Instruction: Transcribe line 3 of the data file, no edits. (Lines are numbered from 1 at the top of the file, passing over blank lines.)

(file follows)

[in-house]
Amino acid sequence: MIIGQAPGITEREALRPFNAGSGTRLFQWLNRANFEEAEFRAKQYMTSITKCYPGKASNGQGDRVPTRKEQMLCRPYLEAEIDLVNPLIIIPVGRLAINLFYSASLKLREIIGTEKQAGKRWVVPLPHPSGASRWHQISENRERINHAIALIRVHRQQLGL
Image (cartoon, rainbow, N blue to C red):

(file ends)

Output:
Image (cartoon, rainbow, N blue to C red):